Community College of Allegheny County (CCAC)

Community College of Allegheny County

Frequently Asked Questions (FAQ)

Q: What is Computer and Information Technology?

Computers and networks have become essential in most segments of our society and enable us to improve the quality of our lives and to increase our productivity. Their use has resulted in significant advances in medicine, science, education, business, industry and government. Computer and information technology incorporates the study of information structure and processing in all its varied forms. The term Information Technology (IT) is an "umbrella" term that encompasses Information Systems, Information Science and Computer Science.

Q: What is the difference between Information Systems, Information Science, and Computer Science?

  • Both Information Systems and Computer Science require a common subset of technical computing knowledge.
  • Information Systems is the study of what computers can do, how they can be applied, and how to obtain practical computing solutions in business environments. Since the context for Information Systems is an organization, students also typically need to develop skills to solve business problems in functional areas such as accounting, finance, marketing and management. Systems analysis in the context of applied computing is a fundamental focus of this discipline.
  • The discipline includes the acquisition, deployment and management of Information Technology resources and services as well as the development of the IT infrastructure to support the organization process. This includes computers and communications; development of computer systems and supporting users in the use of new technology. There is a high demand for individuals with a combined knowledge of applied computing, computer applications and business.
  • A number of colleges have programs identified as Information Science. These programs may denote a more general computing emphasis that is not directly tied to business organizational use.
  • Computer Science focuses on the theory and practice of computing.  Some important topics covered include data structures, algorithms, computer architecture and software engineering. The development of quality software is a fundamental focus of this discipline. There is a high demand for individuals who possess the technical skills to develop software systems.

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Q: I have very little experience in using a computer – essentially, I know how to turn it on and surf the Net. Is this enough knowledge to start a CIT program?

All CIT degree and certification programs assume a comfort level with using computers in a Windows environment. Students have this background from a variety of sources. You should be comfortable in doing the following types of computer tasks:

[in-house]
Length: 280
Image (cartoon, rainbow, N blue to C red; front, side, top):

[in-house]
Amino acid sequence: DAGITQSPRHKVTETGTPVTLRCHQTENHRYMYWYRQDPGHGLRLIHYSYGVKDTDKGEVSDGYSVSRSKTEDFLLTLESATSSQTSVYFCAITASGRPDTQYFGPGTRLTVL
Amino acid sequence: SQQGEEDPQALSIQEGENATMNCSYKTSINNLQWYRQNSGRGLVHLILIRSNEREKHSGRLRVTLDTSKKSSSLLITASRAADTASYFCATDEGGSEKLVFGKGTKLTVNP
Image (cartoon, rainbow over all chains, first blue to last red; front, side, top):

1. Use a mouse and keyboard effectively;
  2. Use a Windows type application, such as a word processor or other editor program, that uses common Windows icons and terminology, including copying and pasting with the clipboard;
  3. Be able to manage your files, using Windows Explorer or similar file manager. This includes running programs, finding files and documents, creating folders/directories to organize your data, copying files and making backups; and
  4. Be familiar with using a Browser to view Web pages.

This represents prerequisite knowledge for CIT-111 and CIT-115, the foundation courses for the CIT curriculum. If you don't have these skills, CCAC offers a one-credit pass/fail course entitled CIT-600 Introduction to Windows, which covers the basic user interface. CCAC also offers a three-credit computer literacy course entitled CIT-100 Computer Fundamentals & Applications, which goes into more depth with using Windows applications.

Q: I want to take an introductory programming course. Where should I start?

CIT-111 is an introduction to programming, using Java programming language as a vehicle.

Q: I have some previous experience with programming (COBOL or Fortran or Pascal or Visual Basic) and am interested in taking CIT-130 Object-Oriented Programming: Java. Can I take this course

You should take CIT Professional Certification equivalency page. Some CIT courses have credit-by-exams if you feel you have certain knowledge but do not hold a particular certification credential. Please see a CIT Department Head (listed on the Faculty pages) to see if an exam is available for a CIT course.

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